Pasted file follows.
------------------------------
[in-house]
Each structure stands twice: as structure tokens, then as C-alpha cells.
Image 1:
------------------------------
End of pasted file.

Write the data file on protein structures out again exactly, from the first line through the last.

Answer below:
[in-house]
Each structure stands twice: as structure tokens, then as C-alpha cells.
Image 1: